• IMA sites
  • IMAJ services
  • IMA journals
  • Follow us
  • Alternate Text Alternate Text
עמוד בית
Fri, 23.02.24

Search results


March 2007
M. Khaikin, Y. Chowers and O. Zmora
Perianal Crohn's disease refers to the involvement of the anal region in this chronic inflammatory bowel disease. It most commonly presents with the formation of perianal abscesses and fistulas, although other forms of presentations such as fissures and skin tags may also be present. Perianal activity often parallels abdominal disease activity, but may occasionally be the primary site of active disease, and significantly compromises the quality of life in affected patients. The primary treatment of patients with perianal Crohn's disease combines medical and surgical management with the aim of improving quality of life and alleviating suffering. A multidisciplinary approach involving the patient, surgeon, gastroenterologist, radiologist, pathologist, nutritionist, and other specialists makes the successful treatment of PCD[1] possible. This paper reviews the management of patients with perianal Crohn's disease, focusing on contemporary medical and surgical treatments such as infliximab, endorectal advancement flap, instillation of fibrin glue, and the potential use of extracellular matrix plugs






[1] PCD = perianal Crohn's disease


February 2007
April 2005
December 2002
Naomi A. Avramovitch MD, Moshe Y. Flugelman MD, David A. Halon MB ChB and Basil S. Lewis MD FRCP
October 2002
Misha Witz, MD, Jonathan M. Lehmann, MB, BChir, Ali Shnaker, MD, Itamar Pomeranz, MD,George Leichtman, MD and Benthly Novis, MD, FRCP
July 2001
Daniel Chemtob, MD, MPH, DEA, Leon Epstein, MD, MPH, Paul E. Slater, MD, MPH and Daniel Weiler-Ravell, MD

Background: Spinal dural arteriovenous fistulae comprise the majority of spinal vascular malformations. The most common clinical presentation is that of progressive myelor­adicuiopathy, probably related to venous hypertension, which may lead to permanent disability and even death.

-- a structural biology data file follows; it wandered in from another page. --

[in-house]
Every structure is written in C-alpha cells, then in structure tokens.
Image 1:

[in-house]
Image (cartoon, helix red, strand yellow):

Objective: To report our clinical experience with spinal dural arteriovenous fistulae.

Methods: Nine patients with spinal dural AVF were managed at our center during a one year period (1998-1999). The patients, eight men and one woman ranging in age from 46 to 75 years, presented with initially fluctuating and eventually permanent and progressive paraparesis, sensory disturbances and sphincter dysfunction. The neurological signs generally began symmetrically and progressed from the distal to proximal limb regions. The duration of symptoms before diagnosis ranged from 6 to 36 months during which the patients underwent an extensive but fruitless work-up and even unnecessary operations due to misdiagnosis. All patients finally underwent magnetic resonance imaging and spinal angiography, which demonstrated the pathological vascular fistula. Interruption of the AVF was achieved by embolization or by surgical resection.

Results: Following treatment, six patients experienced improvement of gait and sphincter control, and the severe neurological deficits stabilized in the other three patients with long duration of illness. There was no further deterioration in any of the treated patients.

Conclusions: The history, neurological findings and radiological changes on MRI scan should alert clinicians to the possibility of spinal dural AVF, leading to diagnostic spinal angiography. Early diagnosis and treatment may significantly improve outcome and prevent permanent disability and even mortality.

Legal Disclaimer: The information contained in this website is provided for informational purposes only, and should not be construed as legal or medical advice on any matter.
The IMA is not responsible for and expressly disclaims liability for damages of any kind arising from the use of or reliance on information contained within the site.
© All rights to information on this site are reserved and are the property of the Israeli Medical Association. Privacy policy

2 Twin Towers, 35 Jabotinsky, POB 4292, Ramat Gan 5251108 Israel